Extinct human cousin gave Tibetans advantage at high elevation

It looks like ancient humans got around.  It’s pretty well known now that most of us have Neanderthal DNA, but apparently a lot us also have Denisovan DNA: Extinct human cousin gave Tibetans advantage at high elevation — ScienceDaily.

Tibetans were able to adapt to high altitudes thanks to a gene picked up when their ancestors mated with a species of human they helped push to extinction, according to a new report by University of California, Berkeley, scientists.

An unusual variant of a gene involved in regulating the body’s production of hemoglobin — the molecule that carries oxygen in the blood — became widespread in Tibetans after they moved onto the high-altitude plateau several thousand years ago. This variant allowed them to survive despite low oxygen levels at elevations of 15,000 feet or more, whereas most people develop thick blood at high altitudes, leading to cardiovascular problems.

“We have very clear evidence that this version of the gene came from Denisovans,” a mysterious human relative that went extinct 40,000-50,000 years ago, around the same time as the more well-known Neanderthals, under pressure from modern humans, said principal author Rasmus Nielsen, UC Berkeley professor of integrative biology. “This shows very clearly and directly that humans evolved and adapted to new environments by getting their genes from another species.”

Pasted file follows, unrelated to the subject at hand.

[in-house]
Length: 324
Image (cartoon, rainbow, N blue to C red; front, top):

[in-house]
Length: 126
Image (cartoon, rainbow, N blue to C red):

From I recall reading, Denisovans aren’t thought to have been that different from Neanderthals, so this probably isn’t as profound as it initially sounds.  Still, it’s a fairly significant discovery.

For decades, there was a debate between two camps in paleo-anthropology, the out-of-Africa camp, and the multi-regional camp.  The out-of-Africa people believed that modern humans evolved in Africa and subsequently migrated around the world.  The multi-regional camp believed that modern humans in each region evolved from archaic humans in that region, with lots of gene flow between the regions keeping us one species.

The weight of scientific evidence is now firmly on the out-of-Africa side, with genetic studies now allowing scientists to track prehistoric human migrations.  But like many things in science, it’s not a complete victory, since it looks like humans in each region did receive a small amount of gene flow from local archaic humans, and this contribution appears to have provided benefits, such as in the case of Tibetans, a gene for tolerating high altitude conditions.